Green turtle nest numbers tend to alternate between high and low years. Last year was a high year with 479 nests, but we expect this year to be much lower. We have only documented 11 nests so far, and had 152 nests at this time last year.

Our leatherback numbers also vary a bit year to year, and this year appears to be a low year, with only 157 nests counted thus far. Last year at this time we had 267 nests.

Who are your partners in this work and how is the sea turtle data used?

Our partners in this work are usually county governments, engineering firms, and state and federal agencies. EAI conducts pre- and post-construction permit-compliance monitoring for many types of coastal construction projects, such as beach nourishment or dune restoration. The data are used to examine effects of construction on sea turtle nesting and reproductive success. We also participate in the Index and Statewide Nesting Beach Survey programs, and all of our data are submitted to the Florida Fish and Wildlife Conservation Commission for its inclusion in the State’s protected species data library where it can be used for population analyses and to look at impacts to turtles by predators, humans, storms, etc.

EAI technician Gabbie Kaminski uses a highly accurate GPS system to record a loggerhead nest location. This instrumentation was used in Martin County for a study evaluating factors such as elevation and slope in a “turtle-friendly” beach nourishment template. Photo credit: Niki Desjardin.

EAI technician Gabbie Kaminski uses a highly accurate GPS system to record a loggerhead nest location. This instrumentation was used in Martin County for a study evaluating factors such as elevation and slope in a “turtle-friendly” beach nourishment template. Photo credit: Niki Desjardin.

How does your team assist injured turtles?

EAI is a participant in the State’s Sea Turtle Stranding and Salvage Network (STSSN). We respond to strandings in our local area and assist with the documentation of dead turtles and assist in the transport of live turtles to rehabilitation facilities.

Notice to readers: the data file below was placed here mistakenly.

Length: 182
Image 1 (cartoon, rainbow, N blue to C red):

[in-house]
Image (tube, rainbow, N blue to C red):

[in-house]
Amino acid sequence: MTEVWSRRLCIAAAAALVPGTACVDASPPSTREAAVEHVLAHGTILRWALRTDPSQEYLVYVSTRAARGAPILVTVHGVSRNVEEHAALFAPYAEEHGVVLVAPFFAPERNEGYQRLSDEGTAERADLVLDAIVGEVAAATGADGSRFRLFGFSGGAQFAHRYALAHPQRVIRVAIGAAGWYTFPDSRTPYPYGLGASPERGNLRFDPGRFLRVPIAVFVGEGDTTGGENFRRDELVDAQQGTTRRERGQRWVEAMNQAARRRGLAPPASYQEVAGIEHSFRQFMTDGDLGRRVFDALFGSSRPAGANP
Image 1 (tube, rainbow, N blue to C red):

Do you see the same turtles across multiple mating seasons?

The majority of the turtle work we conduct occurs in the morning, after the turtles have nested, so we don’t have many opportunities to encounter the actual nesting females when they are on the beach. Therefore, we are not able to tell which turtles are repeat nesters year after year. When EAI does conduct sea turtle surveys at night during active construction projects, we occasionally have the opportunity to observe and/or tag nesting turtles. Our colleagues with the non-profit Florida Leatherbacks, Inc. have recently begun nighttime surveys on Hutchinson Island to observe and tag nesting leatherback turtles. Their work is revealing some cool nesting trends; in 2016 they saw a turtle that was tagged by EAI on Hutchinson Island in 2005 but had not been seen since then!

What happens if you find a hatchling during daylight hours?

If someone on the beach happens to find a hatchling during daylight hours, they should consider the circumstances, and call FWC, a lifeguard, or a local sea turtle facility if necessary. If it’s early morning, and a nest is still hatching, chances are the turtle will find its way to the water. If the hatchling is crawling away from the ocean and is in distress, the hatchling may be collected and brought to a facility that can accept hatchlings, such as the Florida Oceanographic Institute or the Loggerhead Marinelife Center. It’s important not to interfere with hatching turtles. This is because their crawling phase helps to orient them in the proper direction off the beach so that they can swim offshore into the Gulf Stream.